Edinburgh, Scotland

Edinburgh skyline, with the Castle in the background

Edinburgh skyline, with the Castle in the background

1. The Melting Pot of Scotland

The first archaeological evidence of human activity in Edinburgh shows a settlement beginning around 900 BCE. At this time, the occupants of the region were ancient Celtic and British tribes. North of here were the Pics, who were in occasional unrest. The settlement was called Din Eydin in ancient British (an ancestral language of Welsh), and was centered around the ‘Castle Rock’, a high point upon which Edinburgh Castle was built. Din Eydin became a valuable military location because of its defensibility.[1]

The Romans arrived in the vicinity of Din Eydin at the end of the first century CE, though they were unsuccessful in conquering it. Around 122 CE, the Emperor Hadrian had Hadrian’s Wall built across the country south of Din Eydin from the Irish Sea to the North Sea around modern Newcastle-Upon-Tyne, leaving the fort city in the hands of the ‘barbarians’.[2] Twenty years later, Emperor Antoninus Pius built the Antonine Wall just north of Din Eydin from the Firth of Clyde to the North Sea above the city, putting the city into the territory of the Empire. Unlike Hadrian’s Wall, the Antonine Wall was nothing more than a ditch. Behind it, Roman forts were connected by roads that likely ran to Din Eydin as well. This line was soon abandoned in the 160s due to ‘barbarian’ unrest.[3]

In the early 7th century, the Romans learned of a ‘stronghold of Eidyn’ from the tribe known as the Gododdin. This was thought to be a fort built on Castle Rock, and may have been the beginning of Edinburgh Castle. Aroung 638, the Angles, an Anglo-Saxon Germanic tribe, captured the fort and renamed the city Edinburgh, as it has been called ever since.[4] The Angles’ language would later be known as Old English, and is considered to be the first version of the English language.[5]

In the 1130’s, King David I expanded the Castle and city to the coast. From here, it became the jewel of the Scottish peoples, despite raids from the Norse Vikings and the English of the south. During the reign of King James VI of Scotland, the king ascended the throne of England to become James I of England, uniting the countries of Scotland and England under one rule and creating Great Britain.[6] Today, though Scotland enjoys its own parliament and partial sovereignty, it still remains part of the United Kingdom.

2. Getting There

Edinburgh Castle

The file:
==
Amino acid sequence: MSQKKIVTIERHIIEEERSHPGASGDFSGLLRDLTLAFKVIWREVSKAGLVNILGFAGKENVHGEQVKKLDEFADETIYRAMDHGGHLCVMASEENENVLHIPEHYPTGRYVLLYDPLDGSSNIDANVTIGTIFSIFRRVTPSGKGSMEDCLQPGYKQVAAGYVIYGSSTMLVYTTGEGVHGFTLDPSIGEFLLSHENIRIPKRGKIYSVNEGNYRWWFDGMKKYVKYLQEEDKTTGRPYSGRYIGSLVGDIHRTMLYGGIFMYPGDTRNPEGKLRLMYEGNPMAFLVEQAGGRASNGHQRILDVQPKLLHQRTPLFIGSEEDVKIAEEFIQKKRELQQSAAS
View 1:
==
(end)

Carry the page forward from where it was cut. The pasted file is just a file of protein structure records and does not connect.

Edinburgh is a port city, but it is on the Island of Great Britain on the North Sea side, making direct travel difficult. In ancient times, it would take a little over a month to reach Edinburgh from Rome.

Seven days out of Roma on the open seas would take you to Narbo in modern France. Then five days on the road would get you to Tolosa. From there, you would take a river boat for four days to Burdigala, and a three day coastal boat to Civitas Namnetum. After that, you would leave France on a sea ship to Deva, England ten days away. A day’s ride on a coastal boat will take you to the edge of the Roman Empire at Lugdualium. From here, it would take about nine days travel over rough frontier county side to reach Edinburgh, if you reached it at all.[7] That final stretch would be the most dangerous, though the entire journey would start getting cheaper and cheaper as you went because you would be riding service and military ships.

3. So Why Edinburgh?

Edinburgh had been the jewel of Scotland for over a thousand years. During its rocky start, you would mostly go for mere exploration, to see the frontier and the unconquered lands and peoples. However, once the Angles took over, Edinburgh became a cultural hub, so one would go there for trade, diplomacy, civilization, and other such social reasons. Today, Edinburgh is a popular (and expensive) tourist attraction, but it’s worth the trip just to see the mysterious and historic Edinburgh Castle.

Edinburgh Castle

4. The Ether

Before the Angles took over, Edinburgh was a military fort city and a provincial agricultural and fishing town. It served as headquarters to Celtic Tribes and a resting place for fishers and farmers between a days’ hard labor. After David I, the city blossomed into a political center, serving as headquarters of revolutions and revolts through the modern era. To this day, Edinburgh is a pillar of the movement toward Scottish Independence from England, holding the hearts and spirits of the Scottish people as they strive for an independent way of life.

5. Sources

[1] Edinburgh History. “Timeline of Edinburgh’s History.” Accessed April 28, 2013. http://www.edinburgh.gov.uk/info/695/council_information_performance_and_statistics/873/key_facts_and_figures/6

[2] Education Scotland. “Hadrian’s Wall.” Accessed April 28, 2013. http://www.educationscotland.gov.uk/scotlandshistory/caledonianspictsromans/hadrianswall/index.asp

[3] Historic Scotland. “Antonine Wall.” Accessed April 28, 2013. http://www.historic-scotland.gov.uk/antoninewall

[4] “Edinburgh Castle.” Last Modified 2010. Accessed April 28, 2013. http://www.edinburgh-history.co.uk/edinburgh-castle-history.html

[5] Merriam-Webster Dictionary. “What are the Origins of the English Language.” Last modified 2013. Accessed April 28, 2013. http://www.merriam-webster.com/help/faq/history.htm

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